Slavens v. Millard County et al, No. 2:2011cv00568 - Document 114 (D. Utah 2013)

Court Description: PARTIAL MEMORANDUM DECISION and ORDER granting 86 Motion for Judgment on the Pleadings as to James Slavens Estates (Estate) Utah Open and Public Meetings Act (UOPMA) claims and dismisses those portions of the Estates Complaint because they do not survive James Slavens death. Signed by Magistrate Judge Evelyn J. Furse on 09/11/2013. (asp)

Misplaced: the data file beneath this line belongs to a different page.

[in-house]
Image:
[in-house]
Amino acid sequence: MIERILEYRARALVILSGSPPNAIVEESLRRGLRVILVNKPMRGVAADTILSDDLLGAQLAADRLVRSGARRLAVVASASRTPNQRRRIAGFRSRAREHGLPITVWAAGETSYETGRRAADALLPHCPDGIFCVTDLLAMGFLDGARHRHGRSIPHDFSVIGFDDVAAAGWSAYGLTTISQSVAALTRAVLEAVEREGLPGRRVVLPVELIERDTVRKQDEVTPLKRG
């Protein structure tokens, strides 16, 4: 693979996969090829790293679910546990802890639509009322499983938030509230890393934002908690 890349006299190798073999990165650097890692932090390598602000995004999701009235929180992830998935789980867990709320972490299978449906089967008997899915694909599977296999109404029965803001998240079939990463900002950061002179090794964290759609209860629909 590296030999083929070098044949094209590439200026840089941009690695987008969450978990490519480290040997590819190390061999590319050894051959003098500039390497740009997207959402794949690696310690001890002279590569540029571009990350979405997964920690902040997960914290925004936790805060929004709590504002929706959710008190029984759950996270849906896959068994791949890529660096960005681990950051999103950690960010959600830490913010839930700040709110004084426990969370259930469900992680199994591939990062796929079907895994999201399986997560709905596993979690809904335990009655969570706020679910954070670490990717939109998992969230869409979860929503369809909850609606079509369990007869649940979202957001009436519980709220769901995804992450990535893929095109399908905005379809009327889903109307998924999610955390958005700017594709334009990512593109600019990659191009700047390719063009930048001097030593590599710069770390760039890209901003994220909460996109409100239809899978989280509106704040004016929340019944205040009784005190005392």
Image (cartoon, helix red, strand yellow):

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IN THE UNITED STATES DISTRICT COURT DISTRICT OF UTAH, CENTRAL DIVISION MELANIE SLAVENS, as Special Administrator of the Estate of JAMES SLAVENS, Plaintiff, v. PARTIAL MEMORANDUM DECISION AND ORDER (ECF No. 86) Case No. 2:11CV00568 Magistrate Judge Evelyn J. Furse MILLARD COUNTY, et al, Defendants. The Court grants Millard County, Richard Waddingham, Daron Smith, Bart Whatcott, and Craig Greathouse s (collectively Millard County) Motion for Judgment on the Pleadings as to James Slavens Estate s (Estate) Utah Open and Public Meetings Act ( UOPMA ) claims1 and dismisses those portions of the Estate s Complaint because they do not survive James Slavens death. Mr. Slavens brought this case in June of 2011, including a claim under UOPMA. Mr. Slavens died in December of 2012, prior to resolution of the UOPMA claims. In April 2013, the Court substituted Melanie A. Slavens for Mr. Slavens as Special Administrator of his Estate. In August 2013, the Court allowed the Estate to amend the Complaint. In doing so, the Estate made claims for violation of UOPMA based on improper notice and an improper closed session. 1 The Court will rule on the remaining portions of the Motion for Judgment on the pleadings as set forth in Court on September 9, 2013 by separate order. Millard County moved for judgment on the pleadings claiming, among other things, that the UOPMA claims did not survive Mr. Slavens death. (ECF No. 86 at 14.) Under Utah common law, contract claims survive death. Estate of Berkemier v. Harford Ins. Co., 2003 UT App 78, ¶ 13, 67 P.3d 1012. By statute, Utah has provided for personal injury claims to survive death. Utah Code § 78B-3-107(1)(a). The personal injury the statute allows to survive include claims for physical or mental injury not for injury to rights, reputation or property. Allred v.. Solaray, Inc., 971 F. Supp. 1394, 1397-98 (D. Utah 1997). No statute addresses the survivability of claims under UOPMA. At common law survivable actions are those in which the wrong complained of affects primarily property and property rights, and in which any injury to the person is incidental, while nonsurvivable actions are those in which the injury complained of is to the person and any effect on property or property rights is incidental. 1 Am. Jur. 2d Abatement, Survival, and Revival § 51 (2013). Generally, purely personal torts do not survive in the absence of statutory provision. Id. Thus, barring statutory language that provides for their survival, non-property claims cannot survive death. UOPMA section 52-4-303 provides for private rights of action for violations of the Act. UPOMA section 52-4-304 provides that in the case of a successful section 54-4-303 action regarding closed sessions, the judge shall publicly disclose or reveal from the recording or minutes of the closed meeting all information about the portion of the meeting that was illegally closed. Utah Code Ann. § 52-4-304. Alternatively, in cases of successful UOPMA claims regarding other violations of the Act, the Court can determine and order compliance with the statute. Utah Code Ann. § 52-4-303. UOPMA claims do not resemble either contract claims or property claims as described above; nor do they fall under the survival statute as they do not constitute personal injury claims. The Court therefore GRANTS Millard County s Motion for Judgment on the Pleadings as to the Estate s UOPMA claims, dismissing those claims. DATED this 11th day of September, 2013. BY THE COURT: _______________________________ Evelyn J. Furse United States Magistrate Judge